6. The lantern is designed to light with either matches or a lighter. It doesn't have an automatic lighting system built in. If you're somewhat handy with a drill, you can buy one of Coghlan's lantern lighting kits and drill a single hole at the base of the light chamber and install a flint-wheel spark mechanism. They sell for less than $4 at most sporting goods stores and work pretty well. They also come with a spare flint, stored under the handle so you can replace a worn out flint with a new one. The design of the heat shield on the lantern makes this addition a little harder, but it only took me a few minutes to add to my lantern. If you choose to use matches, I think it's easiest to remove the top and glass globe to light the lantern. There's a single nut on the very top that you remove by hand that allows you to remove these two peices. Light the lantern, let it warm up for just a few seconds and then reinstall the globe and top and hand tighten the bail nut. It's a no-brainer for most people. I've never had very good luck trying to poke a burning match up through the hole in the base of the light chamber. They always seem to go out at the wrong time.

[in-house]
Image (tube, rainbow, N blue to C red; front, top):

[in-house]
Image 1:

7. Don't use this indoors. The lantern burns a petroleum based fuel and needs lots of oxygen. It gives off stuff you don't want to breath. It's an outdoor product; remember that and stay safe.
8. When lit, make sure that the lantern is put on a stable base, or hung from a secure device. Coleman (and Coghlan's) both make wire lantern hangers designed to wrap around a tree that will allow you to hang the lantern high enough to light up a substantial area. They sell for about $8 and are a worthwhile investment. If you don't hang the lantern make sure you put it on a steady base. It shouldn't be in a place where it will get knocked over. You've got fire inside that globe. It's a wonderful tool, but must be treated with the appropriate respect.
Having said all that, it's a wonderful product. They're well built, and will provide decades of use with reasonable care. Coleman has an outstanding policy of building products that can be repaired, rather than replaced. If anything ever goes wrong with your Coleman Lantern, repair parts are easy to acquire and most can be installed by the owner. It's rare to have to send anything off to a repair facility. Most of the basic parts are carried at any WalMart, Target, local sporting goods store. Other items can be ordered from the Coleman web site.